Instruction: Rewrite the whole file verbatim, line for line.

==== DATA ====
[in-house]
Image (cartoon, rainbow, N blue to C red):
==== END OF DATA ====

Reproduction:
[in-house]
Image (cartoon, rainbow, N blue to C red):